hunting equipment caliber or ammunition requirements.”

While some states currently allowing hunters to carry firearms for personal
protection restrict the privilege to CCW permit holders, others require open
carry. Still others restrict handgun barrel length and ammunition type.

When considering whether to carry a firearm for protection while afield, the
best advice is simple: do some online research beforehand or check with the
local authorities and conservation law enforcement personnel and become
familiar with the specific laws and regulations.     

N.Y. Hunters Have Near-Record Bear Season
New York
hunters killed 1,487 bears in 2009, reflecting a 15 percent increase from the
previous year and the second-highest total on record.

The 2009 increase was attributed to a surge in the Adirondack
region, where the 814 bears taken in 2009 was 40 percent more than 2008. The
record kill of 1,864 bears was recorded in 2003.

While overall population size plays the largest role in the annual harvest,
the take numbers are also strongly influenced by environmental factors that
affect bear movements and the timing of bear denning,
such as food availability and snowfall.

The 2009 early bear season proved to be the most productive time for hunters
in the Adirondacks, accounting for more than
50 percent of the bear harvest. Bears were more active during the early season
due to poor production of soft mast (cherries and berries), and their increased
activity was a benefit for hunters.

Live By The Code
Last Wednesday, Wyoming Governor Dave Freudenthal
signed legislation adopting an official Wyoming
state code based on the tenets known in the West as “Cowboy Ethics.”

Although the historic Code of the West was unwritten, cowboys, trappers,
hunters, and others in the U.S.
frontier knew it was about maintaining honesty, integrity and courage in a
wide-open region where the affects of government barely reached and laws were
not always enforced.

More recently, the code’s 10 Principles were outlined in a popular 2004
book, “Cowboy Ethics: What Wall Street Can Learn from the Code of the West,” by
retired Wall Street investor James Owen.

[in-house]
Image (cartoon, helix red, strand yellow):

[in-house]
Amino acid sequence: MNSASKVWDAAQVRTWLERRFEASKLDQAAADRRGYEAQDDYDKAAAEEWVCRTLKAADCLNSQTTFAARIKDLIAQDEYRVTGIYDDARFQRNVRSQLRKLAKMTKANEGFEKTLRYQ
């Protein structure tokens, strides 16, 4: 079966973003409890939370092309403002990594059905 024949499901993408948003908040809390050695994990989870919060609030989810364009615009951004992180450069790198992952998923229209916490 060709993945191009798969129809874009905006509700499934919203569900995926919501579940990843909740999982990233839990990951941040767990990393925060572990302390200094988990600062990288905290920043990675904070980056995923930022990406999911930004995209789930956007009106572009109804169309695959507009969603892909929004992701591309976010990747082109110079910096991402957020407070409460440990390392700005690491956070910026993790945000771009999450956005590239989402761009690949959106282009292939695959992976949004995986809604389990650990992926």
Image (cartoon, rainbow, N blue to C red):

The measure’s sponsor, Sen. Jim Anderson, (R-Glenrock), said Owen’s book captured his interest, and inspired him to
introduce the bill after seeing the December premier of a related video
project, “The Code of the West: Alive and Well in Wyoming.”

“There’s a work ethic in all things that we do, particularly in
government,” Anderson
said.

Here are the 10 Principles of Cowboy Ethics:

1. Live each day with courage

2. Take pride in your work

3. Always finish what you start

4. Do what has to be done

5. Be tough, but fair

6. When you make a promise, keep it

7. Ride for the brand

8. Talk less and say more

9. Remember that some things aren’t for sale

10. Know where to draw the line

Though the bill is merely a symbolic gesture, carries no criminal penalties
and is not meant to replace any civil codes, here at the News Hound, we think it
reflects a pretty valuable ideology.

Here at the Outdoor News Hound, we think those on Capitol Hill in Washington D.C.
should adopt something similar. And then live by it!

Quote Of The Week
“I like to hunt alone. Being alone with my dogs is special. By myself I can put
down as many dogs as I like, and if one makes a mistake I don’t have to explain
it to anyone.”
-Ben O. Williams
“Hunting the Quails of North America,” 2001

J.R. Absher is a freelance outdoor writer whose articles and columns appear
in numerous national publications. He offers his unique perspective of the
outdoors weekly for sportsmansguide.com. You may contact him at
jrabsher@outdoorpressroom.com.